Have you heard of the book “1066 and All That?” It’s a wonderful book. It was written in the 1960s, and poked fun at the way (British) history was taught back then.
The last sentence said something like, “…and America was clearly Top Nation, and history came to a full stop”.
History is, almost by definition, all in the past. Or at least, the history we learn about at school and university is. It is the story of how the world came to be as it is today; by implication, we are separate from it. But of course we aren’t; and history is still unfolding. The times in which we are living today will be studied earnestly in history classrooms of the future.
I first gained a real sense that the times I was living in were part of ongoing history was when the Berlin Wall fell, in 1989. Before that, the Communist block had been a fixed part of my universe; now it was disappearing. This was an undoubted historical event.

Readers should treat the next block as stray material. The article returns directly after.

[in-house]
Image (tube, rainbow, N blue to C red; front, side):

Since then the rise of China as an economic superpower has really brought home to us in the West that the tide of world history can turn: America’s place as “Top Nation” is under threat. The events of 9/11 and all that followed from that terrible morning have brought home the fact that history can look very different in different parts of the world. For the West its involvement in the Middle East was a side show, but for millions of Muslims it was the most traumatic episode since Mohammed’s day. The economic downturn after 2008 will undoubtedly be “compared and contrasted” with the Wall Street Crash of 1929 and the Great Depression which followed.
None of this is rocket science, but the great migration from the Middle East and Africa into Europe which we witnessed during the Summer brought these thoughts to the forefront of my mind. This was history in the making, and what will come from it is anyone’s guess.